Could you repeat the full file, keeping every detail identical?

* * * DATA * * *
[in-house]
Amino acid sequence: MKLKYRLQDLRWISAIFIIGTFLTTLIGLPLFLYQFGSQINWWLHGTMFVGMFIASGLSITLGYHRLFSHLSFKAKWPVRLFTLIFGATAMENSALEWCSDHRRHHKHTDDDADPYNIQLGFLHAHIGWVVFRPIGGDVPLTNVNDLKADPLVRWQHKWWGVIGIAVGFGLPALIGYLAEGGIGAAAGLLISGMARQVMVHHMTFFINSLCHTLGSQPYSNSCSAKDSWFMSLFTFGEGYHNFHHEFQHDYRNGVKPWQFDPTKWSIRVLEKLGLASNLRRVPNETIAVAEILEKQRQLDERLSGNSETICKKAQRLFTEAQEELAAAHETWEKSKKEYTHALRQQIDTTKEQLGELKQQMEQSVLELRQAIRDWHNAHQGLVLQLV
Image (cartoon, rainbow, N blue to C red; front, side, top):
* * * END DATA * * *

[in-house]
Amino acid sequence: MKLKYRLQDLRWISAIFIIGTFLTTLIGLPLFLYQFGSQINWWLHGTMFVGMFIASGLSITLGYHRLFSHLSFKAKWPVRLFTLIFGATAMENSALEWCSDHRRHHKHTDDDADPYNIQLGFLHAHIGWVVFRPIGGDVPLTNVNDLKADPLVRWQHKWWGVIGIAVGFGLPALIGYLAEGGIGAAAGLLISGMARQVMVHHMTFFINSLCHTLGSQPYSNSCSAKDSWFMSLFTFGEGYHNFHHEFQHDYRNGVKPWQFDPTKWSIRVLEKLGLASNLRRVPNETIAVAEILEKQRQLDERLSGNSETICKKAQRLFTEAQEELAAAHETWEKSKKEYTHALRQQIDTTKEQLGELKQQMEQSVLELRQAIRDWHNAHQGLVLQLV
Image (cartoon, rainbow, N blue to C red; front, side, top):